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  • "Remember, it was the club who were approached by the authorities not the other way round. In any event, sad as it is for the family of the young boys, and we must hold the family in our hearts as a family club, who are we to condemn McCormick. How many of those of you who commented adversely have ever broken a 30 MPH speed limit, driven with narcotics in their system or been over the drink limit!! These are driving sins as well. Let him who is innocent of any sin cast the first stone!! Further, there is no talk yet of him being offered a contract. Too easy to condemn out of hand!!"
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Wray: Swindon playing the community role

Luke McCormick

Luke McCormick

First published in Sport

JEREMY Wray has again spoken about the decision to offer Luke McCormick a route back into football at Swindon Town.

The goalkeeper, who has been training with Town on day release from prison since January, is set to meet up with the Robins on trial upon his full release next month.

Interim chairman Wray was not available to speak when contacted by the Advertiser this afternoon, but he has given an interview to Sky News. The full transcript is below.

“He came to us just after Christmas. He was out on day release and part of his rehabilitation was to come out for a couple of days and we have said that he can continue to train with us pre-season this year.

“You don’t go and court a story like this. If I was in desperate need of a goalkeeper this isn’t what I would go looking to do.

“We were approached, we were well aware of the facts of the story and it goes without saying that everyone at Swindon’s sympathies are 100 per cent with the family of Ben and Arron Peak.

“That’s a tragedy in the true sense of the word, nothing changes that but we were asked to deal with the process after the legal process has taken part.

“This is someone who has served his time and is now looking to reintegrate and be rehabilitated into society and he goes back into the profession he was in before.

“We can help by offering to help him train and rebuild his life and hopefully help him give something back.

“We thought about it long and hard, we looked at the previous good character of the individual, I met him myself - he is contrite, he is full of remorse, he wants to do something.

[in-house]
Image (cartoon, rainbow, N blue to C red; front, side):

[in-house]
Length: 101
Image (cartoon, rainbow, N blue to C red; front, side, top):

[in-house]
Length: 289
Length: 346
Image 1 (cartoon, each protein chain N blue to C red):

“He’s spoken to the PFA about working with young players and explaining the potential pitfalls of drinking and driving.

“Out of a horrific situation, there is a possibility that something good comes out of it. This is not a footballing issue.

“It’s about Swindon doing what’s right in its role in the community in rehabilitation.

“The response of the family is totally justified, however they feel, and no one is going to criticise their emotional response.

“We can only guess, if any of us were in that dreadful situation we would feel that same emotion.

“I reiterate our sympathy is with them on that point and that’s why I say it is a tragedy in that respect.

“But going forward with what can be done, can Luke put something back into the community? He goes back into the area where he has some expertise.

“Should he just stack shelves at a supermarket, or should he go back into the community he knows something about and hopefully work with people in that community?

“Yes it can be high profile but there are a lot of people, and a lot of young people, who could potentially fall into the same trap that he fell into.

“That will be his role. It’s a long way from saying we’ve signed him, it’s a long way from the tabloid sensationalist that he’s earning thousands of pounds on a new contract - this is the first step of the rehabilitation of someone who’s just coming out of prison.

“Swindon Town is just playing the community role in giving him the opportunity to start that process.

“He (McCormick) will look at it when he comes out of prison and he has to start that whole process.

“It’s one step at a time. It is a very emotional subject. I think there will be a lot of cross arguments here and a lot of people are getting concerned with the legal process and saying ‘is it right that he’s only served a certain amount of time?’ “That’s a separate debate. We can only deal with what happens after that legal process. He’s served his time under the law of the land, then we get involved, give him that opportunity to rehabilitate and hopefully do something beneficial to, in some way, give a little bit back for the horrible wrong that was committed.

“How he responds only he knows when he comes in and it will be day by day. Ask anybody who’s been in prison and they come out, it’s step by step, gradually getting re-used to normal life after spending three and a half years in prison.

“It’s one step at a time, it’s a long, long way from saying that he’s anywhere near going back to restarting a career as a professional footballer.”

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